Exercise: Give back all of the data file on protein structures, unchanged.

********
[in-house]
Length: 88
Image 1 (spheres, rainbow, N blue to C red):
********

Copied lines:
[in-house]
Length: 88
Image 1 (spheres, rainbow, N blue to C red):